As Redwood Shores homeowners, there are local, national, and global forces affecting our real estate market.
In 2016, the market showed that strong and steady wins the race. Values climbed at a healthy rate, and mortgage rates hit historic lows.
Median sale price is up 5.8% compared to 2015, a much more stable increase than what we saw even three years ago. Average days on market are also up, which is to be expected. Some buyers have been priced out of the market, while others are starting to experience “buyer fatigue” after submitting multiple offers.
Despite cooling off from the astronomical growth we saw for a number of years, the market is still quite strong.
What can we expect in 2017? See my analysis below.
If you are thinking about selling your home in the next 12 months, call me today for your strategic marketing consultation ==> 650-773-2226
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To your success in 2017!
The 2017 Short List
Especially as homeowners on the SF Peninsula, there are local, national, and global forces affecting our real estate market.
Here are the top five things we will be watching this year:
» Peninsula home values continue to rise.
Home values have increased dramatically since the 2007-2008 financial crisis, and we have already surpassed the previous high point.
While some predicted the “bubble” could pop, our market has essentially stabilized. We are still seeing gains in home value, without the astronomical, explosive growth we saw even just a few years ago.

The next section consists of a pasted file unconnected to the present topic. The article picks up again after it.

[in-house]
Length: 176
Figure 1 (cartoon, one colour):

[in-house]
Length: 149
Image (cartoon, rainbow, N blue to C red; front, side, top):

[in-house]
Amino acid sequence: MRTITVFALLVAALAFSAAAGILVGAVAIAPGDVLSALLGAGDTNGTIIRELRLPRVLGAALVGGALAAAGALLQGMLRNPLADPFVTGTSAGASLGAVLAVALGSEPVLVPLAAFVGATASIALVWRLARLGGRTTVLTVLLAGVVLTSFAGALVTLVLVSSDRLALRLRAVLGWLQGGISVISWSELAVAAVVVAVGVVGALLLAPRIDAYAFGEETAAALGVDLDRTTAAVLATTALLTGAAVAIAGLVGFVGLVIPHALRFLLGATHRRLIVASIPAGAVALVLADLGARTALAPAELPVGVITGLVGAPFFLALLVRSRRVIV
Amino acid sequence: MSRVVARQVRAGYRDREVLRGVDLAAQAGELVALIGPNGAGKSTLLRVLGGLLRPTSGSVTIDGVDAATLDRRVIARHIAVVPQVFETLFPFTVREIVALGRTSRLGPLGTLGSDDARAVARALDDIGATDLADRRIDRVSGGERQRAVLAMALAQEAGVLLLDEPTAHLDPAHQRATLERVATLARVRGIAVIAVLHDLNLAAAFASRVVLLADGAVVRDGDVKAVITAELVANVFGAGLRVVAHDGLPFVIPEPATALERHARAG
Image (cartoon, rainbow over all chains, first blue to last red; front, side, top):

There are pockets within the Peninsula that were once comparatively bargains that are quickly becoming up-and-coming areas as demand increases. This is an expected outcome when space is limited.
As a homeowner looking to sell, your top priority is working with an agent who can speak to more than just your home’s ideal list price. Look for an agent who understands market trends as a whole.
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» Mortgage rates are on a steep climb.
As was hotly anticipated, the Federal Reserve meeting in mid-December 2016 confirmed my predictions—mortgage rates are on the rise.
The good news is that we were starting from nearly the historical lowest-ever mortgage rates. That makes this pill an easier one to swallow.
What do higher interest rates mean for a typical Redwood Shores real estate transaction?
==> For buyers, the bottom line is that increased mortgage rates translate to higher monthly payments.
If you are considering buying a Redwood Shores home in 2017, the time to act is now. Find an educated agent who can speak to micro- and macro-level economic trends, get pre-qualified with a lender, and start your home search in the first quarter.
==> For sellers, increasing mortgage rates mean a few things.
Demand in Redwood Shores, for the foreseeable future, will always remain on the higher side. That said, buyer fatigue is real and will start to play out in pockets, leading to a decrease in demand.
Decreased demand means reduced traffic through open houses, fewer offers, and ultimately, a lower sale price.